The Mancunion

Britain's biggest student newspaper

Live: Pixies

Three bald guys and one new girl; can the Pixies still cut it without Kim Deal?


Manchesrer O2 Apollo,

21st November, 2013


“It’s like great! Oh wait, he’s dead”. Black Francis (aka Frank Black) never got a great deal of mileage out of Kurt Cobain’s praise for the Pixies, in particular his love of ‘Debaser’. In a live interview conducted by Journalist and legendary DJ Dave Haslam, Frank revealed that the Pixies was, and still is, an “orgy of passive-aggressive behaviour”.

Before Kim Deal’s departure it was near impossible to imagine the band performing without anyone of its members;  to try and conceive of a Pixies without the tortured sounds emanating from Joey Santiago’s Les Paul is just sick. Back on the road with Kim Shattuck, formerly of The Muffs, Pixies have refused to wallow in self-pity at the loss of the iconic fag-smoking bassist and carried on got on with the job at hand.

Backed by a Dire Straits-esque wall of what looked like television screens, the stage show has come a long way from what grainy archive footage would have you believe. In some ways the band shoot themselves in the foot; choosing to shun the pent up energy and excitement from the crowd by opening with ‘In Heaven (Lady In the Radiator Song) and the meandering ‘Andro Queen’. Bathed in a thick, concealing light, it wasn’t exactly the most immediate or intimate opening to a show. Slowly working their way back up to tempo, ‘Nimrod’s Son’ is a wet slap in the face, a pure shot of chaotic violence, and the arrival of the Pixies.

Talking to The Mancunion, Joey revealed that the band were at one point afraid of ‘Here Comes Your Man’, its popularity and its sound; immortalized on the classic album Doolittle. After a false start there was a look of some reluctance in Frank’s eye, choosing to indulge the crowd in what is perhaps the Pixies at their most pop sounding. Material from EP-1 garners a mixed reception. The unfamiliarly slick sounding ‘Another Toe’ passes by without any drama, but surprisingly the brutal, tribal sounding ‘What Goes Boom’ also falls short of expectations.

Being a bunch of working class guys, they’ve got a pretty good idea of what value for money is, and let me tell you a set list spanning 39 songs is pretty hard to beat – unless you’re Bruce Springsteen of course. But unlike The Boss and his heart on the sleeve ways, Frank’s lyrics are altogether much darker and to quote the man himself “Artsy-Fartsy”.  ‘Hey’ is the epitome of Pixies weirdness; a loosely structured masterpiece, pedaled along by a quintessential Deal baseline and garnished with a tongue-in-cheek, if not a slightly perverse lyric “uh said the man to the lady/uh said the lady to the man she adored/and the whores like a choir/go uh all night”.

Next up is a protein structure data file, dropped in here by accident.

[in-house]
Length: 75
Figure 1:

Pixies are one of the few ‘un-coverable’ bands, liable to imitation – hell yes (duh)! But, who could cover ‘Monkey Gone to Heaven’? Bowie gave it his best with ‘Cactus’ but it still leaves a lot to be desired, more of a gesture than an alternative. That doesn’t however stop them from chancing their hand with three covers; ‘Big New Prinz’ by Manchester’s The Fall, The Jesus and Mary Chain’s ‘Head On’ and if you weren’t a Neil Young aficionado you would swear ‘Winterlong’ was a Pixies original.

These reclusive rock stars are most at home in the studio, Frank has said that he had sometimes struggled to connect with his audience of adorers, instead choosing to hide behind his sunglasses and zone out. Closing the main set with ‘Where Is My Mind’ Charles looked genuinely overwhelmed by the reception and the vast array of teenagers and bald middle-age men stood before him.

New Kim evokes the same warmth we all loved about Kim Deal, her playing is a little muddier than her ‘precise’ predecessor but nonetheless Shattuck doesn’t hide in the shadows and asserts herself on tracks like ‘Tony’s Theme’.

Deal, or no Deal the Pixies are without comparison, there is no effect of age or diminishing power evident in their execution. There is only the internal tussle that goes on within my own head; yes, I have just seen the Pixies, but (and I don’t expect a prize for stating the fucking obvious) a Pixies that doesn’t have Charles and Kim, side-by-side on stage leaves one feeling restless. Whatever aura Kim Deal possesses is magical, and it’s only upon her return that I will feel truly, truly satisfied.